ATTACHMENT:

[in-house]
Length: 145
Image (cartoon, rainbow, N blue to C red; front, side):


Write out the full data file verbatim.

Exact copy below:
[in-house]
Length: 145
Image (cartoon, rainbow, N blue to C red; front, side):